1640s, "unreasonably or unjustly burdensome," from Medieval Latin oppressivus, from oppress-, past participle stem of opprimere "press against, press together, press down;" figuratively "crush, put down, subdue, prosecute relentlessly" (see oppress). Sense of "inclined to oppress, tyrannical" is from 1712; that of "heavy, overwhelming" (of grief, woe, heat, etc.) is by 1712. Related: Oppressively; oppressiveness.
Old English, present-participle adjective from grind (v.). Meaning "oppressive, burdensome" is from 1580s. The verbal noun is from mid-14c.
"burdensome, troublesome," late 14c., from Old French onereus, honereus (14c., Modern French onéreux) and directly from Latin onerosus "burdensome, heavy, oppressive," from onus (genitive oneris) "a burden" (see onus). Related: Onerously; onerousness.
1540s, "influential, respected; marked by weighty dignity," from French grave (Old French greve "terrible, dreadful," 14c.), from Latin gravis, "heavy, ponderous, burdensome, loaded; pregnant;" of matters, "weighty, important;" of sounds, "deep, low, bass;" figuratively "oppressive, hard to bear, troublesome, grievous," from PIE root *gwere- (1) "heavy."
In English, the sense "solemn, sober" is from 1580s; of immaterial things, "important, serious" 1590s. Greek barys (opposed to kouphos) also was used figuratively, of suffering, sorrow, sobbing, and could mean "oppressive, burdensome, grave, dignified, impressive." The noun meaning "accent mark over a vowel" is c. 1600, from French.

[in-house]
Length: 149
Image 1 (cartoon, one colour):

late 14c., rebellen, "rise up against (a ruler, one's government, etc.); be insubordinate," from Old French rebeller (14c.) and directly from Latin rebellare "to revolt" (see rebel (adj.)). In general, "make war against anything deemed oppressive" from late 14c. Related: Rebelled; rebelling.
late 14c., apartment in the royal palace at Westminster in which members of the king's council sat to exercise jurisdiction 14-15c., it evolved 15c. into a court of criminal jurisdiction, infamous under James I and Charles I for arbitrary and oppressive proceedings. Abolished 1641. Supposedly so called because gilt stars had been painted on the ceiling. Later there was a star on the door.